A similar conundrum exists for the significant others involved in a close relationship with the individual. The unpredictable mood swings, and the fallout from the manic episodes, can place so much pressure on a relationship that it is likely to fail.

Bipolar can also result in diminished health. A manic episode may result in getting inadequate sleep over a several day period, adversely impacting health and wellness. Impulsive behaviors can result in high-risk situations that lead to injury or damages.

What Steps Can Be Taken to Manage a Manic Episode?

The symptoms of a manic episode may emerge suddenly and without much warning. When you find yourself thinking, “Am I having a manic episode?” there may be very little time to proactively manage the oncoming symptoms. Seeking out the help of your support system and reaching out to your doctor or therapist can help deflect an episode. Better yet is learning the actions to take prior to a manic episode developing. Some proactive steps include:

  • Avoid alcohol and drugs
  • Keep a regular sleep schedule
  • Practice relaxation techniques
  • Adhere to medication
  • Engage in weekly psychotherapy

In addition, the earlier the individual receives treatment for bipolar disorder the better the outcome. According to the author of an article published in The Lancet, Sameer Jauhar, Ph.D., “As a consultant psychiatrist this is something I see again and again. People who are identified early and get effective treatment quickly are able to avoid further episodes and achieve extraordinary things, while others who the system doesn’t serve so well can get stuck for years.”

Psychiatric Intervention for Bipolar Disorder

Management of bipolar disorder begins with first stabilizing the mental health condition. Bipolar disorder can lead to extreme acting out that may put the individual or others in harm’s way. A residential mental health setting will provide the acute stabilization services and 24-hour monitoring, followed by an individualized treatment plan.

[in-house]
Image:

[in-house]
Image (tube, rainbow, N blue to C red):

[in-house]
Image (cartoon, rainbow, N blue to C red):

Generally, bipolar disorder will be treated and managed by both medication and therapy. The medications might include lithium, antidepressants, or anticonvulsants. A period of trialing the medications and making necessary adjustments can fine tune this important treatment element for bipolar disorder management.

Psychotherapy includes a combination of cognitive behavioral therapy, which will assist the individual in identifying distorted or irrational thought patterns and change them, along with interpersonal and social rhythm therapy. This type of therapy is useful in helping the bipolar patient learn how to predict an oncoming manic or depressive episode and better manage them. In addition, IPSRT emphasizes the importance of maintaining key relationships, of establishing healthy routines, and of managing stress.

Learning How to Relax

When you find yourself spinning out of control, wondering, “Am I having a manic episode?” that is the time to take the initiative and employ some effective relaxation techniques. Being familiar with these holistic activities can provide an arsenal of healing tools that will come into play when a manic episode threatens. These relaxation activities include:

  • Deep breathing. Breathing becomes shallow when we are irritable or filled with adrenaline. Slowly drawing in the breath, holding it, and then fully releasing it is a quick way to alleviate feelings of anxiety. Deep breathing exercises can be done anywhere at any time.
  • Meditation. Meditation can be as individual as the person engaged in it, but will usually involve a period of quiet time to reflect or pray. Some may benefit from accessing a meditation app that provides guided imagery that increases the sense of peace and wellbeing.
  • Yoga. Yoga is an ancient practice that uses slow, purposeful movements and poses that can help open up energy flow. Combined with meditation and focused breathing, yoga can induce peace of mind.
  • Aromatherapy. Essential oils are made from plant and flower parts and distilled into a potent form of oil. These are used in aromatherapy, or breathing in the essence of particular oils that can boost mood and calm the mind.
  • Working out. A moderately rigorous workout of 30-60 minutes can help induce emotional stability due to the production of serotonin, norepinephrine, and dopamine.
  • Mindfulness. Practicing mindfulness helps to center the individual in the present moment. This can be particularly helpful during a manic episode, as it helps to rein in distracting thoughts and forces the individual to pay attention to the rhythm of their breathing.